Wednesday, February 07, 2018

Court Rules in Favor of Christian Baker

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A California judge ruled Monday evening that a Christian baker who faced losing her business because she refuses to bake cakes for same-sex "weddings" cannot be compelled by the state to do so.

Is the tide is turning on religious freedom?

You will recall the Supreme Court of the United States agreed to hear another case similar to this last December.

The case---Masterpiece Cakeshop vs Colorado Civil Rights Commission-- involves Christian baker Jack Phillips whose biblical beliefs do not allow him to celebrate so-called same-sex "marriage."

Jack has maintained that he will not use his artistic gifts to celebrate something that violates his biblical beliefs.

The homosexual activists have insisted that Christian bakers and florists should be compelled to bake cakes or decorate with flowers for all "marriages" not only heterosexual ones.

In this Bakersfield case, Christian baker Cathy Miller was facing discrimination charges for the same reasons as Phillips---deeply held biblical religious beliefs.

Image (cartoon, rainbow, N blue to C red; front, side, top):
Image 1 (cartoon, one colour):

Two lesbians came to her shop to order a "wedding" cake. Cathy respectfully declined because of her biblical beliefs.

Rather than going to another bakery, the lesbians went after the Christian.

The California Department of Fair Employment and Housing petitioned for a restraining order against Cathy and her bakery trying to force her to bake the cake---demanding she bake cakes for same-sex "weddings" or stop making cakes altogether if she refused.

Cathy told the press, "My conscience doesn't allow me to participate in certain activities that are contrary to my biblical beliefs. I pray we can all come to an understanding so that we can continue to get along."

Hardly the words of a troublemaker or homophobe.

The problem in these cases has been that the agenda of the homosexual activists is more import than the cake, or flowers, or photographs, etc.

Superior Court Judge David Lampe ruled Monday that "her decision to refuse to bake cakes for same-sex weddings is protected by the First Amendment."

He said, "The First Amendment ensures that religious organizations and persons are given proper protection as they seek to teach the principles that are so fulfilling and so central to their lives and faiths, and to their own deep aspirations to continue the family structure they have long revered."

"Furthermore, here", he says, "the State minimizes the fact that Miller has provided for an alternative means for potential customers to receive the product they desire through the services of another talented baker who does not share Miller's belief. Miller is not the only wedding cake creator in Bakersfield. The fact that Rodriguez-Del Rios [the lesbians] feel they will suffer indignity from Miller's choice is not sufficient to deny constitutional protection."